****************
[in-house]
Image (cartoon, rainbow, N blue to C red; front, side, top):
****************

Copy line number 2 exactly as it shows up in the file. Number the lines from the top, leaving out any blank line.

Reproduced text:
Image (cartoon, rainbow, N blue to C red; front, side, top):